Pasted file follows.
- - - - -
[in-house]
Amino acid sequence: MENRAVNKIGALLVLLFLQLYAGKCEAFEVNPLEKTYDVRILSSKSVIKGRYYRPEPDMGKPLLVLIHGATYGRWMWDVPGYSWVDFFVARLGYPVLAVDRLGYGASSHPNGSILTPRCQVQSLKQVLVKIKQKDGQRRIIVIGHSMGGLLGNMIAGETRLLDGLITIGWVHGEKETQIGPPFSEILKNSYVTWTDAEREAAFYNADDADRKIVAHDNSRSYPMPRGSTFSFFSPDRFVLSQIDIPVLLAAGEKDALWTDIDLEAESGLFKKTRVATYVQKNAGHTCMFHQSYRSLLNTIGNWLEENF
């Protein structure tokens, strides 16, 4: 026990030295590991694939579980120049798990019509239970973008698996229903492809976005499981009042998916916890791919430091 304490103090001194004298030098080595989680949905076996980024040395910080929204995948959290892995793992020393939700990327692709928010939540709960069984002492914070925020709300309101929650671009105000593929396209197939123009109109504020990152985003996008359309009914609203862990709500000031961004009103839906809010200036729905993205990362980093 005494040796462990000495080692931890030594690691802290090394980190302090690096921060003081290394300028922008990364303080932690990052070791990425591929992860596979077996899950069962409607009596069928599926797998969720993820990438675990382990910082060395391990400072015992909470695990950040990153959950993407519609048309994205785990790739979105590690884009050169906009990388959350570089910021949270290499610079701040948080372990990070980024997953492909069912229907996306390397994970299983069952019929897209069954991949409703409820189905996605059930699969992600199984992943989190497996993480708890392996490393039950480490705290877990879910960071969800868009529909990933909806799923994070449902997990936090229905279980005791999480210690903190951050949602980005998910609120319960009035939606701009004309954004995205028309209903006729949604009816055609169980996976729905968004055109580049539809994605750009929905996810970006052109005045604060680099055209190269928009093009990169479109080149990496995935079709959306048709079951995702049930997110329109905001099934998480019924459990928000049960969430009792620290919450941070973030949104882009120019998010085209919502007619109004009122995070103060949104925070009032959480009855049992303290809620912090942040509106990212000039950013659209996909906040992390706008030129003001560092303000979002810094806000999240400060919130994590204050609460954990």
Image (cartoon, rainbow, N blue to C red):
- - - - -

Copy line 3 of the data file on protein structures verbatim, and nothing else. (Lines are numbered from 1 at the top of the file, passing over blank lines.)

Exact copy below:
């Protein structure tokens, strides 16, 4: 026990030295590991694939579980120049798990019509239970973008698996229903492809976005499981009042998916916890791919430091 304490103090001194004298030098080595989680949905076996980024040395910080929204995948959290892995793992020393939700990327692709928010939540709960069984002492914070925020709300309101929650671009105000593929396209197939123009109109504020990152985003996008359309009914609203862990709500000031961004009103839906809010200036729905993205990362980093 005494040796462990000495080692931890030594690691802290090394980190302090690096921060003081290394300028922008990364303080932690990052070791990425591929992860596979077996899950069962409607009596069928599926797998969720993820990438675990382990910082060395391990400072015992909470695990950040990153959950993407519609048309994205785990790739979105590690884009050169906009990388959350570089910021949270290499610079701040948080372990990070980024997953492909069912229907996306390397994970299983069952019929897209069954991949409703409820189905996605059930699969992600199984992943989190497996993480708890392996490393039950480490705290877990879910960071969800868009529909990933909806799923994070449902997990936090229905279980005791999480210690903190951050949602980005998910609120319960009035939606701009004309954004995205028309209903006729949604009816055609169980996976729905968004055109580049539809994605750009929905996810970006052109005045604060680099055209190269928009093009990169479109080149990496995935079709959306048709079951995702049930997110329109905001099934998480019924459990928000049960969430009792620290919450941070973030949104882009120019998010085209919502007619109004009122995070103060949104925070009032959480009855049992303290809620912090942040509106990212000039950013659209996909906040992390706008030129003001560092303000979002810094806000999240400060919130994590204050609460954990």